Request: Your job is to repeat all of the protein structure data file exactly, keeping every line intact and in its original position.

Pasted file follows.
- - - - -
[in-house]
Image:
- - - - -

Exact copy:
[in-house]
Image: